Ask devoted students to describe Angela Farmer's teaching, and they'll offer words like freedom, empowerment, surrender, and transformation. They'll describe her approach as soft, fluid, internal, feminine, open, and playful. Many say yoga finally came alive when they walked into her class and had a big "Aha!" about what yoga is really all about.
Some say that after the rigid restraints of many typical yoga classes, the unhurried and expressive movement she offers feels like being let out of a cage. And more than a few traditionalists admit that while they remain by-the-book in public, at home they secretly wiggle ‡ la Farmer.
In her classes, neither Farmer nor her instructions move in straight or predictable lines. They roll and swirl through a spontaneous parade of fluid poses that inevitably point toward inner exploration instead of mastering the outer contours of a pose. Her students might repeatedly move into and out of Downward-Facing Dog, stretching their bodies to the limit in all directions, rooting down through the back paws, swishing the belly around inside the house of the pelvis, letting the kidneys float up like balloons and the heels drop down like roots. These dogs might even hop like bunnies, melt into the ground like dying warriors, or twist themselves inside out, right into a backbend. And then Farmer might gleefully exclaim, "Now promise me you'll never do another petrified Dog Pose again!" She challenges the notion that happiness is a sure sign of success and that pain is an omen of something gone wrong. She tells her students that life comes with deep sorrow as well as joy, and that to open ourselves totally to our fullest expression, we must open to both the light and the dark, the longed for and the banished, the laughter and the tears.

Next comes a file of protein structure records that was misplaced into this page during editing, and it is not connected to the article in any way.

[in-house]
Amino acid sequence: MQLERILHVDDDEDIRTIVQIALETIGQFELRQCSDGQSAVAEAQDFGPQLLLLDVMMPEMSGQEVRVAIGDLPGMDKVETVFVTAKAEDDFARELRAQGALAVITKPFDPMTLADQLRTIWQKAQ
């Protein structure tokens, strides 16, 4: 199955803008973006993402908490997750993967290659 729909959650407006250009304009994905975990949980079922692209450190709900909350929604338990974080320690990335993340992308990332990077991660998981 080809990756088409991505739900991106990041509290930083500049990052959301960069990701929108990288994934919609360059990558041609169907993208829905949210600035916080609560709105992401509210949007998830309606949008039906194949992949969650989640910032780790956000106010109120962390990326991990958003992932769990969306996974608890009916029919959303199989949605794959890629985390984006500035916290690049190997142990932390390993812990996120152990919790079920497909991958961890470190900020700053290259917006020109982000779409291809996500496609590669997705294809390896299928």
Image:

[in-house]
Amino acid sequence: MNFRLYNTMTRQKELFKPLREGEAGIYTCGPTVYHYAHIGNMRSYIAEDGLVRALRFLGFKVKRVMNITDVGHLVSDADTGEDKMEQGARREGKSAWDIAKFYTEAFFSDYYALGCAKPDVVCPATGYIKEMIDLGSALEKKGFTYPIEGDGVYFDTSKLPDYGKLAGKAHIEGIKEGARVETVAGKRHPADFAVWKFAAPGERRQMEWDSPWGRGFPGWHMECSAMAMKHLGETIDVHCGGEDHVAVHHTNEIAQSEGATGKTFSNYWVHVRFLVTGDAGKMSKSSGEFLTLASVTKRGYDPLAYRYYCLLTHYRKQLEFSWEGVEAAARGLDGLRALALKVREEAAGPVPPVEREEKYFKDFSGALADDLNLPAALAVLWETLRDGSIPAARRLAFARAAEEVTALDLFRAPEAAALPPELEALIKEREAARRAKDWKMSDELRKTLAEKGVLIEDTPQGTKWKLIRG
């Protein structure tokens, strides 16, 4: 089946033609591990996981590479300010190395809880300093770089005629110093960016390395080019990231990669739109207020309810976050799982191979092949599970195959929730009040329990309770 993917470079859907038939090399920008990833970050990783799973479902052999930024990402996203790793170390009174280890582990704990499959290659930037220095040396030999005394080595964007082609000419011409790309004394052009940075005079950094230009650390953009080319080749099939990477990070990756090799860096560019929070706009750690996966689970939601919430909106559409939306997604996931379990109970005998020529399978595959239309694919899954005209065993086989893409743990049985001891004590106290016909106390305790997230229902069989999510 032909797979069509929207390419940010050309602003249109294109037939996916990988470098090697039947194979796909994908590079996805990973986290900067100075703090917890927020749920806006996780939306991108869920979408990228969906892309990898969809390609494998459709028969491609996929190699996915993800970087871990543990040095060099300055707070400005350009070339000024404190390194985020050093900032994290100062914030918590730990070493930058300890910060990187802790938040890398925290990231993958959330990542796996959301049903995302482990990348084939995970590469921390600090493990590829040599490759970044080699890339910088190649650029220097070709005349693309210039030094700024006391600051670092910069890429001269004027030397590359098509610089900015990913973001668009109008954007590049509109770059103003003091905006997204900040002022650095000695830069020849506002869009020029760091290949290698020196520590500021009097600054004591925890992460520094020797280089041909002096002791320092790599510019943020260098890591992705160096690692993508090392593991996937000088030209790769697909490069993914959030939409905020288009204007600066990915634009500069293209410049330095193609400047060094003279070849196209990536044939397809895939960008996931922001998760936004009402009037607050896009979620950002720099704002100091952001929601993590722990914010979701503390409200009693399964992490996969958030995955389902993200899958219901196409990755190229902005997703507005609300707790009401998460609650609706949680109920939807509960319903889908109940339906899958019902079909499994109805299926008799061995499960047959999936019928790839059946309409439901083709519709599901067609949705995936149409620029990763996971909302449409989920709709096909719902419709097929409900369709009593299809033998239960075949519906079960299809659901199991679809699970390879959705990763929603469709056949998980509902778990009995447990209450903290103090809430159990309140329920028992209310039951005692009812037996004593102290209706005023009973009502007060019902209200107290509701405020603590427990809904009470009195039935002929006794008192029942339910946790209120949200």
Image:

Even when she was a small child growing up near London, Farmer yearned to quench her body's endless thirst for movement. In church, she "would look up at the wooden rafters and choreograph fantastic leaps from beam to beam, swinging from here to there and across to the pulpit and back up into the ceiling again," she says. "I wanted so much to pray—I had a deep religious urge—but the words of the prayers in the church just seemed to flow by without much meaning."
She remembers lying in bed at night, convinced that somewhere in the world a set of exercises existed that would move every cell in her body in a way that satisfied this profound spiritual hunger. Not knowing where to look, she decided to unearth the movements herself. "I would lie awake for hours," she says. "I would try different stretches and turns and twists and movements in my fingers and toes, but somehow I knew something was missing."
Years later, in 1967, the 28-year-old Farmer found what she had been looking for in yoga. Then a schoolteacher, she accompanied a friend to a class on a whim. She watched the poses in a daze, her late-night childhood imaginings coming to life before her eyes.
Long-standing physical ailments, too, made yoga attractive. In her early teens, Farmer developed a rare condition that caused her hands and feet to turn black in the cold and painfully swell in the heat. Uncertain about the cause of this condition and fearing it would lead to gangrene, doctors performed invasive surgery to sever several bundles of nerves running from her spinal cord to her extremities.